Before the COVID-19 Pandemic, ultra-endurance sports were experiencing unprecedented growth; both in participation numbers and in the length and difficulty of courses. Despite being extremely physically taxing, sometimes dangerous, and in many cases expensive and logistically challenging, an increasing number of athletes are venturing beyond the standard marathon or Ironman. As one racer in Australia’s 522km “The Track” race put it, “it was horrible but nice.” Indeed, the longer and harder an ultra-race is, the more crossing its finish line seems to represent a true peak experience, in some cases even becoming a key part of an athlete’s identity. But is there a point when ultra-racing becomes unhealthy?
Two Types of Athletes
In more than 10 years of my coaching practice, I have observed two general types of ultra-endurance athletes: those who integrate their racing in their lives, finding a happy (though often challenging) balance between job, family and training; and those who completely submit their lifestyles to the cause.
Of the two types of athletes mentioned above, sports psychologies describe the former as “harmonious passion” and the latter as “obsessive passion” athletes. This terminology stems from the Dualistic Model of Passion, developed by Vallerand et al. (2003) based on the Self-Determination Theory of behavior (Deci & Ryan, 2000).
This Dualistic Model deﬁnes passion as “a strong inclination toward a self-defining activity that one loves, values, and considers important, and in which one invests considerable time and energy.” This activity can be sports, music, work, collecting, or anything the participant deems important and fulfilling. The authors of this model further define passion as either harmonious or obsessive in nature.
In cases of harmonious passion, the athlete displays a strong yet controllable desire to engage in the activity, i.e. to train and to race. The sport represents a signiﬁcant part of his/her identity but it is coherent and well-integrated with other life domains. At any moment, the athlete can freely decide whether or not to train or to race. In contrast, obsessive passion refers to an uncontrollable urge to keep training, no matter what. This rigid engagement can lead the athlete to neglect other aspects of one’s life, thereby creating tensions and conﬂicts.
Consequences of Obsessive Passion
While both types of passion can lead to high-performance through the deliberate and committed practice of sport, their consequences are quite different, and this has been scientifically proven in various academic studies. Harmonious passion, for example, is positively related to attention, concentration, mindfulness and ﬂow. Athletes who display harmonious passion also experience positive emotions are their sport, high-quality relationships, and psychological well-being.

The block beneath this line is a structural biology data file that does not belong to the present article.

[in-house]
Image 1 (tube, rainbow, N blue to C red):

Obsessive passion, on the other hand, is related to negative emotions, conﬂict, and rumination. Coupled with perfectionism and social pressure to perform, such an obsessive sport engagement is likely to lead to overload injuries, and even to burnout in the future. This is one of the reasons why coaches, supporters, and the athlete herself should be aware of the differences between the two types of passion and of the signs of possible transition from a healthy engagement to an obsessive one.
So how can we differentiate harmonious passion from an obsessive one?
Personal Identity Defined by Sport
One of the key differences between the two groups is the role of passion in personal identity: obsessive athletes are not just very engaged in their endurance sport, they identify themselves with it and through it. So, when one says that he is an endurance junkie and ultra-freak, he most probably is.
Performance Dictates Self Esteem
When obsessively passionate, one feels ego-involved in the activity, meaning that self-esteem and self-worth ﬂuctuate with one’s performance. This leads to a sense of insecurity and overly critical and negative judgment of one’s performance. So, if you or your athlete is depressed by an objectively good result, this could be a sign of developing obsessive passion.
In passion research, control questions can be used to indicate an athlete’s motivation. For harmonious passion, it is: “My sport is in harmony with other things that are part of me” and for obsessive: “My sport is so exciting that I sometimes lose control over it/I have the impression that my activity controls me.” You can casually ask your athlete, or yourself: “is my sport in harmony with the rest of my life, or do my training and racing control my life and how I think about myself?” The answer needs to be brutally honest, and if you don’t like it, you have some serious re-prioritization to do.
High obsession has even been proven to lead to unethical (e.g. use of illegal performance-enhancing drugs) or increasingly aggressive behavior during competition. This happens when performance in sport defines self-approval and self-worth, and an athlete feels they are simply putting too much on the line to risk losing. We have to be vigilant of this possibility.
Ultra racing itself cannot be practiced in moderation—the very nature of an ultra-endurance event is that it is extreme. Still, developing a balanced, sensible, adventurous, and harmonious attitude to training around ultra events is very important. This is the only way to keep this engagement long-term, maybe even lifelong, and to stay healthy and happy, enriching your life with amazing experiences. So, I wish you to thrive in your harmonious ultra passion!
If you are curious to find out more about your passion and motivation for your passionate sport engagement, I would like to invite you to participate in my PhD research on this topic. Write to me (email@example.com) and I will be happy to send you my questionnaire.